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Homework Help: Sound intensity level

  1. Aug 24, 2010 #1
    1. The problem statement, all variables and given/known data

    A sound wave is measured to have a 20-decibel sound intensity level (SIL). And the sound wave power flux (measured in Watts/m2) is then increased by a factor of 2000. What is the new sound level (in decibels) after this factor of 2000 increase in sound power?

    2. Relevant equations

    Sound intensity level= 10log(I/I_0)

    3. The attempt at a solution

    10log(20 / 10-12W/m2) = 10log(20000000 MegaWatt) = 7.301

    One thing i do not understand is this factor increase by 2000, therefore i am not sure what to do next.

    Thanks for your help in advance
  2. jcsd
  3. Aug 24, 2010 #2


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    Take a look at your relevant equation. I, in the equation, is not 20 dB. Instead, I is is something measured in W/m2. The left side of the equation, the "Sound intensity level," is what is 20 dB. What happens to this "Sound intensity level (in dB)" (which is on the left side of the equation) when I is increased by 2000? :wink:
  4. Aug 24, 2010 #3
    Firs of all, thank you for your willingness to help.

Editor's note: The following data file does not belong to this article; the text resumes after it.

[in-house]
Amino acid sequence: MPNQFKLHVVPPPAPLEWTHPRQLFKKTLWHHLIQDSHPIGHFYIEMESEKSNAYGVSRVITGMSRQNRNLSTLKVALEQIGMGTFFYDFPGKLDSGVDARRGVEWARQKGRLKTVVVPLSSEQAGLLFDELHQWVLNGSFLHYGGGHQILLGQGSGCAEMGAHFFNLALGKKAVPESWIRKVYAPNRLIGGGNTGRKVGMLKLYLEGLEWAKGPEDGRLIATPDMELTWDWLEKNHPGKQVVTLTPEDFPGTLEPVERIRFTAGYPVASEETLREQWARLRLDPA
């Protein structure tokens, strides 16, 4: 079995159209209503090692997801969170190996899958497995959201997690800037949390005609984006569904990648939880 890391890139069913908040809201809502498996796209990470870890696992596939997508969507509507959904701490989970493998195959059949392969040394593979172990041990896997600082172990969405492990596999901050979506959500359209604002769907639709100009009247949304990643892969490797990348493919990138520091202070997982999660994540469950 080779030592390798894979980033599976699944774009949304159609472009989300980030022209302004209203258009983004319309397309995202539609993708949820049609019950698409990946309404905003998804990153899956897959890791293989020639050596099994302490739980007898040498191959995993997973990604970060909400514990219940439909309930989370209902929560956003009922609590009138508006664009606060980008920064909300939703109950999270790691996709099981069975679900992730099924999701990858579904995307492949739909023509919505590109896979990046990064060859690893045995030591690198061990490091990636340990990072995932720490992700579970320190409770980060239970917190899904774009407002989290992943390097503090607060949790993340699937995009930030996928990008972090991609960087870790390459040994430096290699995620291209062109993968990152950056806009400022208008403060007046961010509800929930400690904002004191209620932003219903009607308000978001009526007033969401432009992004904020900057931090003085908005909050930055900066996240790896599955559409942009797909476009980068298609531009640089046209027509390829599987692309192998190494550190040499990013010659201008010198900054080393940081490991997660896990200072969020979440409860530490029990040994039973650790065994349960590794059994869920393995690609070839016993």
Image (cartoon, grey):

then 20dB = 10log(I+2000/10-12W/m2)

    is that correct? and what is I?

    Sorry for my stupidity in physics:}
  5. Aug 24, 2010 #4
    I think i know now:

    I = 0 + 2000 Wm-2?

    If yes, then

    20dB = 10log(2000 Wm-2 /10-12W m2)
    20dB = 10log(2000 / 0.0000000000001W m2)
    20dB = 10log(20000000000000000)
    20dB = 12.529

    Somethings not right:/
    Last edited: Aug 24, 2010
  6. Aug 24, 2010 #5


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    Not quite. The new I is the old I multiplied by 2000 (not added).

    So originally we have

    [tex] 20 \ \mbox{[dB]} = 10 \log \left( \frac{I}{I_0} \right) [/tex]

    Find the new "Sound intensity level"

    [tex] \mbox{Sount intestiy level [dB]} = 10 \log \left( (2000) \frac{I}{I_0} \right) [/tex]
  7. Aug 24, 2010 #6
    i get it now, but then i don't understand the value of I (?)
  8. Aug 24, 2010 #7


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    In the equations we've used above, I is the power flux, as measured in units of W/m2.

    Here, power flux is really almost the same thing as sound intensity, conceptually anyway. The sound intensity is a unit-less ratio converted to "units" of dB. But since the ratio is always relative to a constant, unchanging value, the sound intensity is just another way to represent the power flux. They are kind of the same thing, just represented differently with different units.

    And units of dB are barely units. Units of "dB" are not units in the normal sense. The "dB" values describes the scaling of a unit-less power ratio. And value expressed in units of dB is either representing some sort of scaling (i.e. multiplication) factor, or by how much power something has relative to something else. (Note: there is an inherent assumption though that the ratio in the [itex] 10 \log (I/I_0) [/tex] formula is a ratio of powers, power fluxes, or something having to do with power)

    Going back to your specific problem, if it makes it any easier to visualize, after the power flux is increased by a factor of 2000, the equation is